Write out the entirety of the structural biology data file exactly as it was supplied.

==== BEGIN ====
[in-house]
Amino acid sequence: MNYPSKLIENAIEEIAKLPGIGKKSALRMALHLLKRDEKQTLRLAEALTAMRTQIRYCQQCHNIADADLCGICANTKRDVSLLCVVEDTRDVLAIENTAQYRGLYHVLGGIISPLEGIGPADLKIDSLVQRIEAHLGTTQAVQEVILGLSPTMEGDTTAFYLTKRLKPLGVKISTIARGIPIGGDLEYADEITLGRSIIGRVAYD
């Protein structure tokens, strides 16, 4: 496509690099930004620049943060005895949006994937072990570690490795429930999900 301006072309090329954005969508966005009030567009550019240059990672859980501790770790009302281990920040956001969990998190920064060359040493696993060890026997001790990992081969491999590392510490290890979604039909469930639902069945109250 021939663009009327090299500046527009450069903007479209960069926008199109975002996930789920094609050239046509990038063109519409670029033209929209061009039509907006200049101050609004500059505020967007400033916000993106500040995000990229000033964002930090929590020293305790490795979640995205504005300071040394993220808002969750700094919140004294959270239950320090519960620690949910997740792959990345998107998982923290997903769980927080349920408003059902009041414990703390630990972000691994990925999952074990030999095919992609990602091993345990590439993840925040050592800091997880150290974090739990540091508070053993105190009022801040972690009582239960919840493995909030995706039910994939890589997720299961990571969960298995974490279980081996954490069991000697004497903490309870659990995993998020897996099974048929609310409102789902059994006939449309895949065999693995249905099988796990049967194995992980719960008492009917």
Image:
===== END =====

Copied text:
[in-house]
Amino acid sequence: MNYPSKLIENAIEEIAKLPGIGKKSALRMALHLLKRDEKQTLRLAEALTAMRTQIRYCQQCHNIADADLCGICANTKRDVSLLCVVEDTRDVLAIENTAQYRGLYHVLGGIISPLEGIGPADLKIDSLVQRIEAHLGTTQAVQEVILGLSPTMEGDTTAFYLTKRLKPLGVKISTIARGIPIGGDLEYADEITLGRSIIGRVAYD
């Protein structure tokens, strides 16, 4: 496509690099930004620049943060005895949006994937072990570690490795429930999900 301006072309090329954005969508966005009030567009550019240059990672859980501790770790009302281990920040956001969990998190920064060359040493696993060890026997001790990992081969491999590392510490290890979604039909469930639902069945109250 021939663009009327090299500046527009450069903007479209960069926008199109975002996930789920094609050239046509990038063109519409670029033209929209061009039509907006200049101050609004500059505020967007400033916000993106500040995000990229000033964002930090929590020293305790490795979640995205504005300071040394993220808002969750700094919140004294959270239950320090519960620690949910997740792959990345998107998982923290997903769980927080349920408003059902009041414990703390630990972000691994990925999952074990030999095919992609990602091993345990590439993840925040050592800091997880150290974090739990540091508070053993105190009022801040972690009582239960919840493995909030995706039910994939890589997720299961990571969960298995974490279980081996954490069991000697004497903490309870659990995993998020897996099974048929609310409102789902059994006939449309895949065999693995249905099988796990049967194995992980719960008492009917």
Image: